The decision

Upper Tribunal
(Immigration and Asylum Chamber) Appeal Number: PA/00626/2020


Heard at Field House
Decision & Reasons Promulgated
On the 6 October 2022
On the 24 October 2022




KJN (Iraq)


Unless the Upper Tribunal or a court directs otherwise no report of these proceedings or any form of publication thereof shall directly or indirectly identify the appellant. This direction applies to, amongst others, the appellant and the respondent. Any failure to comply with this direction could give rise to contempt of court proceedings.

For the Appellant: Ms. S Anzani, Counsel, instructed by Barnes Harrild & Dyer
For the Respondent: Mr. T Lindsley, Senior Presenting Officer


1. The appellant is a national of Iraq and he seeks leave to remain on human rights (article 3 ECHR) grounds.
2. The appellant entered the United Kingdom in 2016 and claimed asylum. His application was refused by the respondent and his appeal was dismissed by the First-tier Tribunal in August 2018. He served further representations in December 2019 which were subsequently accepted by the respondent as constituting a fresh claim under paragraph 353 of the Immigration Rules, though leave to remain was refused.
3. On 23 February 2021 the appellant’s appeal was dismissed by a panel of the First-tier Tribunal (Judges of the First-tier Tribunal Beach and Dyer). The appellant was granted permission to appeal to the Upper Tribunal and by a decision dated 30 June 2022 I set aside the decision of the First-tier Tribunal, preserving certain identified findings of fact.
4. The First-tier Tribunal issued an anonymity order. No request was made by either party to set aside the order. I confirm the order above.
5. The appellant is a national of Iraq who was born in 1985 and is presently aged 36. He entered the United Kingdom on 9 January 2016, seeking international protection. His application was refused by the respondent on 30 June 2016. The appellant appealed against this decision (PA/07291/2016) and Judge of the First-tier Tribunal Ghani dismissed the appeal by a determination sent to the parties on 19 May 2017. The decision was subsequently set aside by the Upper Tribunal, but with preserved findings of fact.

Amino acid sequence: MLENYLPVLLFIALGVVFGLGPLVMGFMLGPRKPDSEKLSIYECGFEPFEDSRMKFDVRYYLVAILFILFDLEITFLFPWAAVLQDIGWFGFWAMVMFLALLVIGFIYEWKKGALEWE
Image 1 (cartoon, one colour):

6. The resumed hearing took place before Judge of the First-tier Tribunal Parkes on 20 August 2018. He made adverse findings as to the appellant’s claim for international protection, including the issue of internal relocation, finding that the appellant could reasonably and without undue harshness return to the Iraqi Kurdish Region (‘IKR’). Judge Parkes proceeded to consider the issue as to whether the appellant would be at risk on return to any area of Iraq because he lacked necessary identification documentation, namely a Civil Status Identity Document (‘CSID’), concluding at [21] of his decision:
‘21. In seeking to obtain refugee status on a basis that was not justified which involved making claims that were rejected it is difficult to see on what basis it could be accepted that the Appellant is not in contact with family members or friends in Iraq does not actually have his CSID or is otherwise unable to obtain it or obtain a new one.’
7. Judge Parkes dismissed the appellant’s appeal on all grounds.